Blizzard blows through Iowa

5-7 inches of snow recorded in area

-Messenger photo by Chad Thompson
Dale Iles, a road foreman for the Webster County Engineer’s Office, poses next to a 2020 Mack truck on Friday. The Secondary Roads Department was busy clearing both blacktop and gravel roads after the latest snowstorm.

Webster County escaped relatively unscathed by the second snowstorm this winter after systems dropped five to seven inches of snow with strong winds Thursday night into Friday morning.

Counties west of Webster County did not have more severe snowfall, but did have stronger winds, said Rod Donavon, National Weather Service meteorologist. Wind gusts in northwestern Iowa got up to 50 to 60 mph, with slower speeds in Central Iowa and Fort Dodge. Friday’s peak wind gust in Fort Dodge was 40 mph between approximately 3 and 4 a.m.

Most of north central and western Iowa’s blizzard warning was subsequently downgraded to a winter weather advisory that expired Friday at 6 p.m.

“For the most part, winds are diminishing across the area. They’ll remain breezy with gusts,” Donavon said. “The big things are snow moving around and (snow melt) on roadways that could refreeze once we get past sunset.”

Some radiation through the clouds with just above freezing temperatures helped melt frozen roads after it stopped snowing Friday morning.

Some whiteouts occurred between midnight and 6 a.m. Friday, but Donavon said the risk of that happening again was diminished.

“This weather system came out of Kansas and Missouri, and was a weird system,” he said. “It wrapped through eastern Iowa yesterday and regressed a bit today.”

After moving west in Iowa, it started to move southeast into west central Illinois.

“It’s kind of a strange system as far as these events go,” he said. “A lot of times, these tend to pass off to the northeast, but the way this wrapped around and regressed to the west was unusual.”

Thanks to residents heeding warnings, Iowa State Patrol Sgt. Wes Niles said this storm was about as uneventful, traffic wise, as the last storm in December.

“The storm wasn’t what it was forecasted to be, so that helped out quite a bit,” he said. “The timing of when the storm hit certainly helped. Most people were at home in bed at that time.”

Niles said snow build-up on roads became evident at about 10:30 p.m. Thursday.

Two jackknifed semi-trailer accidents were reported — one on Interstate 35, as well as one on U.S. Highway 20 at mile marker 135, between Webster City and Fort Dodge, at 5:35 a.m. Friday

Niles reported no other accidents, other than cars stuck in ditches — fewer than what might have been expected for a blizzard.

“(Since) the snow is so heavy and wet, visibility didn’t get as poor as predicted,” he said.

Whiteouts very early in the morning occurred when traffic was very light.

Niles said the ISP didn’t anticipate any issues with snow melt refreezing overnight.

“The (Department of Transportation) does a good job of treating problem areas,” he said.

Jamie Johll, Webster County engineer, said the Secondary Roads Department got to work at 4 a.m. Friday.

“We had plenty of warning, so we were prepared for it,” Johll said. “We got to work this morning and stayed on paved roads for most of the morning. The storm was a lot worse in the west half of the county. They are a little further behind than the guys in the east half of the county. In the east half those roads were clear by 10 a.m, so we were able to work on gravel roads.”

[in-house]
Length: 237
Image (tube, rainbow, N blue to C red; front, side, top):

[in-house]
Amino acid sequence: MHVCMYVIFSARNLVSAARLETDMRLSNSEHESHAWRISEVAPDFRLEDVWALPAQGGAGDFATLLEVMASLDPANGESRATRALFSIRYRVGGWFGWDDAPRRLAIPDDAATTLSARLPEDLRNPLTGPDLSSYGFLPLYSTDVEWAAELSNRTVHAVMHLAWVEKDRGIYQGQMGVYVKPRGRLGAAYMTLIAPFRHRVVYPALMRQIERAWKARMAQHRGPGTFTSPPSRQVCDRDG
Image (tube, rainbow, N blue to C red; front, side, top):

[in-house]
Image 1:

Dale Iles is road foreman for District 2, which encompasses the western side of the county.

He said the trucks coming back off the roads were looking pretty sloppy.

“We are a mess,” he said. “You can’t even tell what color the trucks are. We have been out on gravel all morning.”

Johll said Friday afternoon the hope was to have all roads open by the time crews went home that night.

“We hope to get all the gravel roads open and make one more pass on the paved roads,” Johll said.

The county used 30 trucks to get the job done. Each one has a plow with wings on the side and sanders on the back.

About half of the trucks have what’s called a belly blade, Johll said.

“We call it a belly blade underneath the middle of the truck,” he said. ‘We can apply down pressure with that blade to scrape ice off the road.”

Johll said the county won’t bring out the road graders unless it’s “the really heavy stuff.”

Iles said while the snow was coming down and blowing around in the morning, it did not create whiteout conditions.

“It was good enough that we could get the plows out,” he said.

Iles said it seems two storms are never the same.

“About the time we think the storm will be bad, it misses us,” he said. “Or we were supposed to get a couple inches and we get eight because it just stuck here.”

The county’s maintenance department has 38 employees.

Within the county, he said there’s 290 miles of paved roads and about 900 miles of gravel roads.

Crews will be out again on Monday to widen everything out, Johll said.

”It was definitely an interesting one,” Fort Dodge Public Works Director Brett Daniel said of the storm. ”That wind caused some problems.”

City crews battled snow drifts on roads on the outskirts of town, such as 32nd Street, he said. He added that there was ”significant drifting” downtown.

Daniel said about 25 employees worked with 10 plow trucks, two loaders and two graders to clear the streets.


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